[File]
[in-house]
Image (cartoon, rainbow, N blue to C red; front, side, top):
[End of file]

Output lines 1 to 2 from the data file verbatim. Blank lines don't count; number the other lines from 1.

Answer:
[in-house]
Image (cartoon, rainbow, N blue to C red; front, side, top):